The goal here was not to erase their gender, but de-emphasize its importance to education, school activities and learning. Activity. They hung signs on classroom walls, like “Boys are sensitive” and “Girls are strong.” While I love that these slogans defy traditional stereotypes, they may actually diminish the goal of highlighting similarities because they group children into genders again. Why not hang signs that say “Children are caring” and “Students are strong”?
Many assume that boys are better at spatial skills and that girls prefer nurturing activities. But the experiment showed in the trailer where adults played with babies (dressed as opposite genders) was a dramatic reflection of the inherent biases we have, and how adults direct children into toys and activities based on those biases. They gave fluffy stuffed animals to the baby they thought was a girl, and gave robots and more physical play to the baby dressed as a boy.
We’re trying to teach children that they can be what they want to be. But yet we’re still forcing an identity on a child.” – Adult participant in experiment
According to the professor, playing a game like Tetris (which focuses on geometric shapes) regularly for three months can actually change the development of the brain to improve spatial skills. Activity: In the classroom, Dr. Abdelmoneim introduced tangrams so that every child would regularly flex that brain muscle.
4. Make kids see they’re equally strong.
To combat the notion that “boys are stronger than girls,” they used a fun carnival game. Until adolescence, boys and girls of the same physical size have absolutely no difference in strength. Activity: The kids estimated how high they could hammer the High Striker strength test, with most girls underestimating their ability.
Boys saw firsthand that many of the girls surpassed the boys’ own scores. Sixty-three percent (63%) of boys had a tough time dealing with the results (there we go again with the emotions problem). We watched as one 7 year-old boy threw a tantrum on the floor, looking more like a 2 year-old than a primary school student. Boys need to know and accept that girls will outperform them regularly.
5. Diminish teacher bias in school.
The friendly teacher frequently used “love and sweet pea” to address the girls and “mate or fella” for the boys, so they hung a chart that let students keep tabs on his endearments. Activity: A basket of balls with students’ names also helped diminish any teacher tendency to call on boys or favored students more often than others, especially for “leader activities” in the classroom. These activities are critical to make girls feel that their contributions are valuable and respected, and that they can take up just as much space, metaphoric and literal, as the boys.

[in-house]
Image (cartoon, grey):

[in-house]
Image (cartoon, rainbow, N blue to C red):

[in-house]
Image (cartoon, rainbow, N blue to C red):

6. Use the power of role models.
Kids were confident that certain jobs were only for men or women, such as firefighter or hairdressers. Girls’ career aspirations included pop star and teacher, while one boy wanted to be a pilot. Activity: The teacher asked students to draw a magician and a mechanic (all drew men), and a makeup artist and dancer (all drew women). Then they met real adults in these professions who were the opposite gender from what the children expected. Possibly the most effective solution, when children get to meet role models, it forever alters their perceptions about what men and women can do, and their own potential.
How Can We Diminish Gender Stereotypes in Schools?
Part 2 of the series airs on Wednesday, and is set to explore whether these interventions worked! I can’t wait to see it. In Part 2, I also hope to see a few more topics addressed:
Where do the children learn these stereotypes? While much of their learning happens at school, home is a huge influence and their family environment can play a major role in altering their beliefs. Also, do they grasp media literacy? The ability to analyze and critique the hundreds of media messages they receive every day is critical to their development.
More integration. The children thankfully sat in mixed-gender clusters of desks, but recess was very segregated. No news there. In addition to free play, which is very important, I’d love to see facilitated physical activities with all students. Do they have physical education (gym) class? Do they have the opportunity to run and compete together? This will undoubtedly increase girls’ confidence and boys’ understanding that girls are worthy competitors.
Value “feminine” traits. “No More Boys and Girls” had a slight undercurrent that we need to prove girls are just as good as boys. But the problem is deeper. Having girls act more like boys isn’t the answer. I would love to see more emphasis placed on characteristics traditionally considered feminine, such as listening skills, compassion and kindness, and teamwork. Many boys possess these qualities too, but they are not valued in boys OR girls.
What do you think? Will girls in this class develop more confidence? Will boys learn how to identify their emotions and grapple with them? Will both girls and boys see themselves as equals?
Outside of the U.K., watch the first episode here.